A task is the individual instance of a running service that the OS has scheduled onto a swarm node with the container acting as the instantiation of the task. If an HTTP listener task subsequently fails its health check or crashes, the orchestrator creates a new replica task that spawns a new container by progressing the task through a series of states: assigned, prepared, running, etc.

Now, let us try to understand docker swarm with the help of an example. Say we have one manager node(M1) and three worker nodes(W1, W2, W3) inside the swarm cluster and two simple dockerised applications (A1, A2) which need deployment (A1 requiring 3 instances and A2 requiring 2 instances). In such cases, we will simply launch A1 and A2 as services with the required number of replicas onto the swarm. Docker Swarm is smart enough to properly load balance all the tasks in the most efficient way onto the worker nodes. Now say, W3 node becomes unhealthy, then the tasks running on it will be redistributed to the remaining healthy worker nodes.

Important Note

  • Placement constraints can be applied to the services so that they get scheduled only on required worker nodes.

  • As discussed above, Manager nodes can be delegated to run only manager related work or can also run services like a worker node.

  • It is recommended to have an odd and more than two number of managers to allow the cluster to operate even in case of failure of some manger nodes. Please read this documentation to understand the effective management of manager nodes in a swarm cluster.

  • The constraints, be it memory, placement etc., should be set carefully keeping in mind the system configuration of each node or a service may remain as pending indefinitely.

services-diagram.png

Now, let us get started with a basic implementation of the same -

Initialise The Cluster

  • Select at least one master node and few worker nodes with the same version of docker installed on them and run the following command on manager:

    docker swarm init --advertise-addr <MANAGER-IP>
    
  • This will generate a result. Next, copy the token/command generated as the output of the above command and run it on all the other worker nodes.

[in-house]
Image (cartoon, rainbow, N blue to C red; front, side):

• Run the following code on the master node to see all the sub-nodes and verify that all nodes are in Ready state by running the command given below:

    docker node ls
    

node ls.png

  • The swarm is now setup for deployment or scaling.

Create A Private Registry To Push Local Images

Note that this an extra step if one wants to store the created images in a self hosted docker registry. It is not necessary if one is using public container registries like Docker Hub or any other existing registries.

  • This registry is newly created so that it can be hosted on the master and can be externally accessible on all other nodes and one can create local images and push it to this registry. This action will cause all nodes to be able to access the images. Keep in mind that your registry.domain.com should be registered for security.

  • Run the following code on master:

    docker run -d --restart=always --name registry \
    -v /root/certs:/root/certs \
    -e REGISTRY_HTTP_ADDR=0.0.0.0:443 \
    -e REGISTRY_HTTP_TLS_CERTIFICATE=/root/certs/xxxxx.pem \
    -e REGISTRY_HTTP_TLS_KEY=/root/certs/xxxx.key \
    -e REGISTRY_HTTP_SECRET=secretstring 
    -p 443:443 \
    registry:2
    
  • Use xxxx.key, xxxx.pem for your registered domain. If this does not work, then you can proceed with an alternative method.

  • Create a daemon.json file in /etc/docker on all the worker nodes using the code snippet given below: